five minute friday: tree.
It’s Friday, and I nearly missed it. This seems to be happening more and more. Fridays are good, and so is writing, even when I don’t feel like it. This is why I write with this group, why I write for 5 minutes, pure and unedited, on a topic that someone else has picked.
This week’s topic is: tree.
There’s a cherry blossom tree, rather a row of three of four of them, planted outside my home. Every time I’m at the kitchen sink, I see this one tree, looming closer to the house as the years pass. We’ve been in this home for nearly three years, and I’ve watched it’s transformation over the seasons. Barren, brown branches sit still throughout the fall and winter, it’s at it’s ugliest then. Raindrops cling to the branches, and a lone dead leaf will cling for a few weeks. Some trees make it through winter with their coats intact, or their leaves change into brilliant shades of orange and red. They seem to have purpose, to have grit. This cherry tree seems to lack all of those things. It just gets dampened by the rain, and is relentlessly pounded by the winter sleet and wind.
And yet, when early spring rolls around, the lifeless branches suddenly start producing buds. It’s magical, watching these thick buds bloom from beneath the bark. In a few weeks, the entire tree is transformed. It is a sight to behold. People stop by on their way to work, or on their walk and snap photos, everyday. The tree erupts into a cloud of pink, pale or hot, but always pink. It shudders with beauty, and the slightest brush of wind rustles the blossoms. Sometimes they trickle to the grass, but not until their season of laying down has come. Once this happens, they rain. The blossoms fall continually, thousands of them cover the pavement like snow. They get onto the car and the bottom of our shoes, and I find them crushed into the carpet.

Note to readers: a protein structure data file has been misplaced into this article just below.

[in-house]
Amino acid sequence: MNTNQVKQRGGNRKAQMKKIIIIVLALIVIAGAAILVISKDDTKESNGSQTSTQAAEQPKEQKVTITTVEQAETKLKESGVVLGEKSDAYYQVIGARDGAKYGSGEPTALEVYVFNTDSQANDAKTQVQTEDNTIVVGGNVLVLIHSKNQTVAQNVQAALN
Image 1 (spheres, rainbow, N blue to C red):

By summertime, they have all but disappeared, and they leave behind lush green leaves. This tree is content to be until the air is laced with a delicate chill, which signals yet another death.
I have watched this tree transform over time. I have watched it blossom with a womb full, and with a newborn nestled against my chest. I have watched it turn green through the summer of her diagnosis, and I have watched it lose it’s coat with the approach of cold and flu season.
Although it sits stagnant throughout the winter, once the season of singing comes, it is magnificent, it is redeemed.
However hard and dark the winter nights are, it does come through. Although the surrounding trees may change very little throughout the seasons, this one is constantly changing. It’s because of this change, because of the wet and dry seasons, that is fully blooms and flourishes when the winter has passed away.